Primary Faculty/Secondary Faculty

John Cleator, M.D., Ph.D.

Assistant Professor of Medicine

Research Description

The main focus is on defining the role of protease activated receptor regulation of platelet and vascular function and its impact on treating cardiovascular disease. Thrombin's effects on platelets, endothelial and vascular smooth muscle cells (VSMCs) are mediated primarily by activating protease activated receptor -1 (PAR-1). PAR-1 antagonists are currently being developed and tested as antiplatelet agents given during percutaneous coronary intervention (PCI) to prevent adverse events including myocardial infarction. Antagonizing the effects of PAR-1 on endothelium and vascular smooth muscle cells are largely unknown and could lead to further adverse events in certain clinical situations. For example, in vivo studies reveal that PAR-1 mediates endothelium-independent vasodilatation in the human forearm. If one extrapolates this to the coronary vasculature, blocking potential PAR-1 mediated coronary vasodilatation during PCI might lead to increased adverse events involving the microcirculation (coronary no reflow).

Another focus is examining the role of PARs in regulation of platelet function in patients treated with P2Y12 antagonists undergoing PCI. We have been studying platelet reactivity to thrombin through its receptors PAR1 and PAR4, and have found variability between normal and T2DM patients. In our published preliminary data, platelets from T2DM patients stimulated with thrombin show resistance to antagonism of P2Y12 receptors as compared to non-T2DM subjects 2. We have also observed variability between African American and Caucasian derived samples; samples from African American T2DM subjects do not exhibit this resistance, i.e. despite having T2DM; they are responsive to P2Y12 inhibition. Our published preliminary data derive from experiments in which a direct P2Y12 antagonist (2MEsAMP) was added ex vivo. We seek to determine if platelets from diabetic patients display resistance to oral P2Y12 receptor antagonists. The below are current ongoing projects in my laboratory:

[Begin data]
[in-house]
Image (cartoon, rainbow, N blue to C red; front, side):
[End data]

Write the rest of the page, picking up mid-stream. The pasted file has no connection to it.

1. Examining the in vivo role PAR-1 in a large animal model before and after inducing hypercholesterolemia and resultant endothelial dysfunction.
2. Determining if resistance to P2Y12 antagonists is altered platelets obtained from diabetic patients undergoing PCI.
3. Defining if PAR-1 single nucleotide polymorphisms are found in a BioVU subjects already identified to have recurrent ischemic events after PCI.

Selected Publications